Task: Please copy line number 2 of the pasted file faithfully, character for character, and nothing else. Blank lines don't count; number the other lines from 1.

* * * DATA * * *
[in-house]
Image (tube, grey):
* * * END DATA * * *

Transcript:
Image (tube, grey):